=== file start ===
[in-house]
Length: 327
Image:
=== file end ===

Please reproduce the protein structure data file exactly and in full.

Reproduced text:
[in-house]
Length: 327
Image: